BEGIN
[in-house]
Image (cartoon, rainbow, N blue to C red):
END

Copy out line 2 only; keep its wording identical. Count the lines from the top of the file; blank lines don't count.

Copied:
Image (cartoon, rainbow, N blue to C red):